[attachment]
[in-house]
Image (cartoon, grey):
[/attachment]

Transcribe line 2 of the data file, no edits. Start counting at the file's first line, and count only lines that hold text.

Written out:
Image (cartoon, grey):